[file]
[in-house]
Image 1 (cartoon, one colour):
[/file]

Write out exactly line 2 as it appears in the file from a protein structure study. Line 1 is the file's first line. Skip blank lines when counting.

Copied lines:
Image 1 (cartoon, one colour):